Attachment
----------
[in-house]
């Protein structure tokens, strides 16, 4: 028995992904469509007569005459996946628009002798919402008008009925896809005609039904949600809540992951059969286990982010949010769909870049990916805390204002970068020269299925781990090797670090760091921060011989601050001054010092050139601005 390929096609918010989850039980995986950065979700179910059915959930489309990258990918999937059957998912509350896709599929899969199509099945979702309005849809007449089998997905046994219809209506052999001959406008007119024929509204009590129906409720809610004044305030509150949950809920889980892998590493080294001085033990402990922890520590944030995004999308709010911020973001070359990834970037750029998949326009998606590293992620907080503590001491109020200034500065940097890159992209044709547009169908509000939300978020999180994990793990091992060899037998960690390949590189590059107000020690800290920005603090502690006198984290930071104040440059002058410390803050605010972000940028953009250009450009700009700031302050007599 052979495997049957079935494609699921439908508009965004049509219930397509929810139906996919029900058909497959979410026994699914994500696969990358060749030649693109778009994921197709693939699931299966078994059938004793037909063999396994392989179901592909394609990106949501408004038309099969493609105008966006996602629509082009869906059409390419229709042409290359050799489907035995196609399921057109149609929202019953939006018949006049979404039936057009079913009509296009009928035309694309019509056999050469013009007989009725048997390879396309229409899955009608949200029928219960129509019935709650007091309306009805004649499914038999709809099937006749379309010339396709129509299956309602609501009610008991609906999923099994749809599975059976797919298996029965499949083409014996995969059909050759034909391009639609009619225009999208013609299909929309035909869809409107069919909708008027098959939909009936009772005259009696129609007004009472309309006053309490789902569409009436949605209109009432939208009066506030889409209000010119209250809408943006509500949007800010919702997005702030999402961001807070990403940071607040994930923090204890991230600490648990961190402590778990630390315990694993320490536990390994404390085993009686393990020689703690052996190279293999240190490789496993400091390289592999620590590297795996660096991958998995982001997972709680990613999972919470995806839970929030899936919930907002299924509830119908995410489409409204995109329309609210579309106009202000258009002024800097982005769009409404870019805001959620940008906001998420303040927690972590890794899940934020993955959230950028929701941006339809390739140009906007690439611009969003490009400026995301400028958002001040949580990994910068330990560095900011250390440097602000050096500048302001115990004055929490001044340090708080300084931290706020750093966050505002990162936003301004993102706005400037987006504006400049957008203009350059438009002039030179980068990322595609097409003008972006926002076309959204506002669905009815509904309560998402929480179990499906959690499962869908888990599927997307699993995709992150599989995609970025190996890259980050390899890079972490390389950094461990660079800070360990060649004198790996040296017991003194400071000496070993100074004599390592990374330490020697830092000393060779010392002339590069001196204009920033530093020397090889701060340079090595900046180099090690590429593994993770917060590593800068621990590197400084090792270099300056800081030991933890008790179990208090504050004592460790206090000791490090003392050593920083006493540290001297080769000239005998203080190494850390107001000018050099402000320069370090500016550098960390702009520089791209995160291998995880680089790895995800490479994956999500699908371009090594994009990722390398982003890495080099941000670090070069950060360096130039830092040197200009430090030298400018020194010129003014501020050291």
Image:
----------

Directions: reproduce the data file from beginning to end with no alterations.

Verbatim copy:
[in-house]
């Protein structure tokens, strides 16, 4: 028995992904469509007569005459996946628009002798919402008008009925896809005609039904949600809540992951059969286990982010949010769909870049990916805390204002970068020269299925781990090797670090760091921060011989601050001054010092050139601005 390929096609918010989850039980995986950065979700179910059915959930489309990258990918999937059957998912509350896709599929899969199509099945979702309005849809007449089998997905046994219809209506052999001959406008007119024929509204009590129906409720809610004044305030509150949950809920889980892998590493080294001085033990402990922890520590944030995004999308709010911020973001070359990834970037750029998949326009998606590293992620907080503590001491109020200034500065940097890159992209044709547009169908509000939300978020999180994990793990091992060899037998960690390949590189590059107000020690800290920005603090502690006198984290930071104040440059002058410390803050605010972000940028953009250009450009700009700031302050007599 052979495997049957079935494609699921439908508009965004049509219930397509929810139906996919029900058909497959979410026994699914994500696969990358060749030649693109778009994921197709693939699931299966078994059938004793037909063999396994392989179901592909394609990106949501408004038309099969493609105008966006996602629509082009869906059409390419229709042409290359050799489907035995196609399921057109149609929202019953939006018949006049979404039936057009079913009509296009009928035309694309019509056999050469013009007989009725048997390879396309229409899955009608949200029928219960129509019935709650007091309306009805004649499914038999709809099937006749379309010339396709129509299956309602609501009610008991609906999923099994749809599975059976797919298996029965499949083409014996995969059909050759034909391009639609009619225009999208013609299909929309035909869809409107069919909708008027098959939909009936009772005259009696129609007004009472309309006053309490789902569409009436949605209109009432939208009066506030889409209000010119209250809408943006509500949007800010919702997005702030999402961001807070990403940071607040994930923090204890991230600490648990961190402590778990630390315990694993320490536990390994404390085993009686393990020689703690052996190279293999240190490789496993400091390289592999620590590297795996660096991958998995982001997972709680990613999972919470995806839970929030899936919930907002299924509830119908995410489409409204995109329309609210579309106009202000258009002024800097982005769009409404870019805001959620940008906001998420303040927690972590890794899940934020993955959230950028929701941006339809390739140009906007690439611009969003490009400026995301400028958002001040949580990994910068330990560095900011250390440097602000050096500048302001115990004055929490001044340090708080300084931290706020750093966050505002990162936003301004993102706005400037987006504006400049957008203009350059438009002039030179980068990322595609097409003008972006926002076309959204506002669905009815509904309560998402929480179990499906959690499962869908888990599927997307699993995709992150599989995609970025190996890259980050390899890079972490390389950094461990660079800070360990060649004198790996040296017991003194400071000496070993100074004599390592990374330490020697830092000393060779010392002339590069001196204009920033530093020397090889701060340079090595900046180099090690590429593994993770917060590593800068621990590197400084090792270099300056800081030991933890008790179990208090504050004592460790206090000791490090003392050593920083006493540290001297080769000239005998203080190494850390107001000018050099402000320069370090500016550098960390702009520089791209995160291998995880680089790895995800490479994956999500699908371009090594994009990722390398982003890495080099941000670090070069950060360096130039830092040197200009430090030298400018020194010129003014501020050291």
Image: